GSK CEO Walm­s­ley is re­or­ga­niz­ing R&D, drop­ping drugs and adding a new fo­cus on can­cer re­search

Just days af­ter rush­ing Dana-Far­ber chief Lau­rie Glim­ch­er on­to the board at Glax­o­SmithK­line $GSK, new CEO Em­ma Walm­s­ley is mak­ing her move to re­or­ga­nize the pipeline. Her plan calls for a ma­jor R&D cull, drop­ping 30 de­vel­op­ment projects and adding can­cer and im­muno-in­flam­ma­to­ry dis­eases to its list of top R&D pri­or­i­ties — which will con­sume the li­on’s share of its bud­get.

Em­ma Walm­s­ley

In a state­ment out ear­ly Wednes­day, GSK out­lined plans to part­ner out or sim­ply drop 30 pre­clin­i­cal and clin­i­cal pro­grams, stream­lin­ing R&D and oth­er op­er­a­tions in the glob­al op­er­a­tion as the com­pa­ny looks for about $1.3 bil­lion in sav­ings by 2020. Rare dis­ease drugs in par­tic­u­lar ap­pear to be on the chop­ping block while a list of as­sets that are be­ing dropped from the pipeline in­cludes sirukum­ab, its dis­ap­point­ing rheuma­toid arthri­tis drug now un­der reg­u­la­to­ry re­view and part­nered with J&J $JNJ.

You can see the full list be­low.

The move puts GSK back in play as sev­er­al top bio­phar­ma com­pa­nies look to shake up their R&D or­ga­ni­za­tions and start to strike new deals. And the phar­ma gi­ant’s re­turn to the deal ta­ble will quick­ly earn close at­ten­tion from a long list of ri­vals. More big play­ers are al­so like­ly to fol­low suit, mark­ing a turn­ing point for bio­phar­ma as a slate of new CEOs look to put their dis­tinc­tive stamp on prod­uct de­vel­op­ment.

The plan at Glax­o­SmithK­line now is to re­serve about 80% of its an­nu­al multi­bil­lion-dol­lar bud­get for two main­stay dis­ease fields — res­pi­ra­to­ry and HIV/in­fec­tious dis­eases — while ex­am­in­ing the “po­ten­tial” ad­di­tion of can­cer and im­muno-in­flam­ma­tion. GSK spent $4.5 bil­lion on R&D, putting it among the top 15 in the in­dus­try.

The phar­ma gi­ant al­so plans to get its busi­ness de­vel­op­ment team back to the bar­gain­ing ta­ble af­ter a long ab­sence in search of new, pri­mar­i­ly ear­ly-stage deals.

Walm­s­ley in­her­it­ed one of the weak­est R&D groups in Big Phar­ma when she took the helm in April. De­spite sig­nif­i­cant progress in HIV and vac­cines, phar­ma R&D lan­guished af­ter a pe­ri­od marked by some high-pro­file flame­outs in Phase III de­vel­op­ment. Now the CEO wants to use the stream­lin­ing to set up a re­vival for the phar­ma re­search group.

From their quar­ter­ly state­ment:

In its Phar­ma­ceu­ti­cals pipeline, GSK has de­vel­oped a pri­or­i­ty list of as­sets to in­vest be­hind. This pri­or­i­ty list will evolve as da­ta reads out. The Group has al­so set a tar­get to de­ploy over time 80% of its Phar­ma­ceu­ti­cals R&D cap­i­tal to pri­or­i­ty as­sets in two cur­rent ther­a­py ar­eas: Res­pi­ra­to­ry and HIV/in­fec­tious dis­eases; and two po­ten­tial ar­eas: On­col­o­gy and Im­muno-in­flam­ma­tion. Sig­nif­i­cant da­ta is ex­pect­ed from these pri­or­i­ty as­sets over the next three years which will be used to in­form R&D in­vest­ment de­ci­sions and how best to gen­er­ate val­ue from these as­sets. GSK al­so ex­pects to pur­sue dis­ci­plined busi­ness de­vel­op­ment to aug­ment its ear­ly-stage pipeline in these pri­or­i­ty ar­eas.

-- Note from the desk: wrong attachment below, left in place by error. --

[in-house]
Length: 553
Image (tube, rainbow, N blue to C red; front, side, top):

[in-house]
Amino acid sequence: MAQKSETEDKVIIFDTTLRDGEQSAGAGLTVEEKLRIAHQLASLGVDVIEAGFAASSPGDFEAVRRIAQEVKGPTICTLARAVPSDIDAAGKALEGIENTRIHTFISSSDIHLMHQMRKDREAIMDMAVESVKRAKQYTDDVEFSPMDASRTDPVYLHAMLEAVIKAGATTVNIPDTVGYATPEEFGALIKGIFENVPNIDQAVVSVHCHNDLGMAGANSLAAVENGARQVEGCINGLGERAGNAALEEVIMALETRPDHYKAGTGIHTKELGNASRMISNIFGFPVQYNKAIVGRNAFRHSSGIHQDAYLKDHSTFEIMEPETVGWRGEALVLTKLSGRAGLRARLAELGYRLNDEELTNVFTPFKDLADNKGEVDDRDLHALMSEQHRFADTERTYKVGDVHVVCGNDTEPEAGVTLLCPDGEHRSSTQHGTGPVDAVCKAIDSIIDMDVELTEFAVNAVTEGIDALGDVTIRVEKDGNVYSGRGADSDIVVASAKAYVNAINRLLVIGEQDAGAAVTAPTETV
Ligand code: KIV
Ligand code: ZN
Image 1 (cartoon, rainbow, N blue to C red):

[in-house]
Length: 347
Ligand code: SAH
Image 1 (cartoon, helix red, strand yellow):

Now in the spot­light at GSK: A range of Phase I and Phase II can­cer drugs, in­clud­ing its mid-stage pro­gram part­nered with Adap­ti­m­mune $ADAP.

J&J says that GSK’s de­ci­sion to bail out on sirukum­ab leaves them in charge of world­wide roll­out, and they have no plans to change course now. In a state­ment to End­points News, the com­pa­ny not­ed:

Our pri­or­i­ty is work­ing with Health Au­thor­i­ties in the U.S., Eu­rope, Japan and many oth­er coun­tries to bring this nov­el an­ti-IL-6 mon­o­clon­al an­ti­body to RA pa­tients.  We are con­tin­u­ing with launch prepa­ra­tions in EMEA and Asia Pa­cif­ic through our world-class Janssen Im­munol­o­gy or­ga­ni­za­tion, and we are al­so ex­plor­ing the best op­por­tu­ni­ties to bring this im­por­tant new med­i­cine to pa­tients in the ge­o­gra­phies that will re­turn to Janssen.

The move at GSK mir­rors the same ba­sic strat­e­gy that Michel Vounatsos and Dave Ricks an­nounced yes­ter­day for Bio­gen and Eli Lil­ly. Both have been lay­ing plans to “stream­line” op­er­a­tions and de­vote more time to new projects that can whip up some ex­cite­ment among the in­vestor crowd. Lil­ly al­so is drop­ping can­cer projects — while GSK looks to add to what’s left of its on­col­o­gy group fol­low­ing a big trade­off with No­var­tis.

These moves will cre­ate dozens of new busi­ness op­por­tu­ni­ties among biotech play­ers look­ing for new as­sets to pick over. Typ­i­cal­ly these projects go for on­ly small amounts of up­front cash. And it al­so adds new play­ers to the deal ta­ble, ready to spend cash and part­ner on more drugs.

GSK sig­naled this move re­cent­ly af­ter it re­cruit­ed Glim­ch­er to its board. The im­muno-on­col­o­gy ex­pert joined the board’s sci­ence team and can of­fer some key in­sights gleaned from years on the board at Bris­tol-My­ers Squibb.


From the GSK pre­sen­ta­tion:

Hal Barron, GSK

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I think that culture, to some extent, is as hard, in fact even harder, than doing the science.

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